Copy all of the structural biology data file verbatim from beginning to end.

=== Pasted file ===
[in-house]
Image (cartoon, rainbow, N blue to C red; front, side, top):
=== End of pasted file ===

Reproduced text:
[in-house]
Image (cartoon, rainbow, N blue to C red; front, side, top):